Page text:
W.E. Are Not Amused...
This is a legendary story, that of His Royal Highness Edward, Duke of Windsor and his wife, Her Grace Wallis, Duchess of Windsor (under normal circumstances it would be Her Royal Highness but we'll get to that in a minute). Here are the facts: then-King Edward VIII abdicated the British throne in order to marry Wallis Simpson, a twice-divorced American. They lived out their post-Abdication years in exile, mostly in France both pre-and-post World War II.
One can look at their life together one of two ways. The romantic would look on this the story of a man who gave up everything to be with "the woman I love" and spent the rest of their lives in lavish settings and in love. The cynic would see two dillentantes with entitlement complexes who, in the words of a conteporary, lived this "uttery trivial life" who went to parties, the theater, and on holiday "when their whole life was one big holiday". W.E., the feature film directed and co-written by Madonna (alongside Alek Kekishian), would on the surface appear to be right up the Material Girl's street. Who better to know the frivolity of fame than our pop star? However, W.E. ends up being a vanity project about a remarkably vain woman by a remarkably vain woman.
W.E. has parallel stories. There is the actual story of Wallis Simpson (Andrea Riseborough), her first two marriages, then her meeting, romancing, marrying, and living out her life with His Majesty Edward VIII (James D'Arcy). The Duke of Windsor's brother, now George VI, refused to confer the title "HER Royal Highness" or HRH to "that woman", and from what I understand it was hers by right of marriage (hence the use of "Her Grace" to refer to the Duchess of Windsor). Then there is the story of Wally Winthrop (Abbey Cornish), married to William (Richard Coyle). She is desperate for a child but so far they have yet to have one, and she turns to in-vitro fertility treatments despite her suspicions of her husband's infidelity. It is the 1998 auction of the Duke and Duchess' possessions, and Wally (whom we learned was named after Time Magazine's Woman of the Year of 1936) has become obsessed with their story. She goes to the public viewing of their items (she has some pull given she used to work at Sotheby's and still has friends there), and soon an attraction builds between Wally and Russian security guard Evgeni (Oscar Isaac).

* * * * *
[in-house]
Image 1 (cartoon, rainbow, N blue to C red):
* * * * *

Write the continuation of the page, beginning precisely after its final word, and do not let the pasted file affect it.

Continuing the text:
The stories bound around back and forth between Mrs. Simpson and Mrs. Winthrop with nary a reason to connect one with the other. If seeing both stories collide with each other wasn't already bad enough, Wallis and Wally meet, as in literally interact with each other. Once or twice one could make the case that it is part of Wally's fevered imagination, but at least once W.E. makes it appear as if Wally had somehow entered the past to get brushed off by Wallis.
Madonna is simply incapable of making the stories make any sense. The Wally and Wallis stories don't flow naturally from one to the other. Instead, they collide and crash without much sense of where Wally's desire to have a child connects with Wallis' desire to...what exactly? Marry the King? Get rich and famous? Perhaps have a child of her own? In short, there is nothing to bring these two women's separate stories together.
The jumping around between the stories entre Wally et Wallis is just one of the myriad of problems W.E. gleefully indulges in. It's bad enough that Madonna simply cannot balance the stories. She apparently can't balance the picture either. Madonna 'accomplishes' this by having absolutely no control of the camera: the picture zooms in and out in a haphazard, almost deranged manner. We have no real reason or understanding why we are given close-ups of eyes or lips. Add to that sound effects that are either exagerrated (such as having crashing sounds when Wally injects herself) or that are simply never explained. In one point, we hear the sound of cars crashing, but we never see any cars crashing and can't connect it with anything else on screen.